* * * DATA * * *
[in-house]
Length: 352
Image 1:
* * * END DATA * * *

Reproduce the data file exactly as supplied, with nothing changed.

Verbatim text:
[in-house]
Length: 352
Image 1: